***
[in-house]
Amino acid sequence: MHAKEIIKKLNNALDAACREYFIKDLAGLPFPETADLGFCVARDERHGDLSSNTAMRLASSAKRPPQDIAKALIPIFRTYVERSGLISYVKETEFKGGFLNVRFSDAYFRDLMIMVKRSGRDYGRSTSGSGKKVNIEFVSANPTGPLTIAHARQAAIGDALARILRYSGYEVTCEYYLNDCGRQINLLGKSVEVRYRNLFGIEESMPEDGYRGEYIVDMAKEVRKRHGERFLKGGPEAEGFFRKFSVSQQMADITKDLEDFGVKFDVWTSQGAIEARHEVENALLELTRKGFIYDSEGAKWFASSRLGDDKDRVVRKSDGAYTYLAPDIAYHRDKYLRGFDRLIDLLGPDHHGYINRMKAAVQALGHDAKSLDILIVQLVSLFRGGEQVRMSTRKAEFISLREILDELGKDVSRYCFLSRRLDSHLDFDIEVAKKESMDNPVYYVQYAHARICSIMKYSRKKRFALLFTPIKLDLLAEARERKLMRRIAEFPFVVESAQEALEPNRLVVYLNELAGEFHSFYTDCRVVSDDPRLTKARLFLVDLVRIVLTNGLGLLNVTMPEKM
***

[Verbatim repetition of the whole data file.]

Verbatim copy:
[in-house]
Amino acid sequence: MHAKEIIKKLNNALDAACREYFIKDLAGLPFPETADLGFCVARDERHGDLSSNTAMRLASSAKRPPQDIAKALIPIFRTYVERSGLISYVKETEFKGGFLNVRFSDAYFRDLMIMVKRSGRDYGRSTSGSGKKVNIEFVSANPTGPLTIAHARQAAIGDALARILRYSGYEVTCEYYLNDCGRQINLLGKSVEVRYRNLFGIEESMPEDGYRGEYIVDMAKEVRKRHGERFLKGGPEAEGFFRKFSVSQQMADITKDLEDFGVKFDVWTSQGAIEARHEVENALLELTRKGFIYDSEGAKWFASSRLGDDKDRVVRKSDGAYTYLAPDIAYHRDKYLRGFDRLIDLLGPDHHGYINRMKAAVQALGHDAKSLDILIVQLVSLFRGGEQVRMSTRKAEFISLREILDELGKDVSRYCFLSRRLDSHLDFDIEVAKKESMDNPVYYVQYAHARICSIMKYSRKKRFALLFTPIKLDLLAEARERKLMRRIAEFPFVVESAQEALEPNRLVVYLNELAGEFHSFYTDCRVVSDDPRLTKARLFLVDLVRIVLTNGLGLLNVTMPEKM